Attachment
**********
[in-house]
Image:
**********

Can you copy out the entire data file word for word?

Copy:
[in-house]
Image: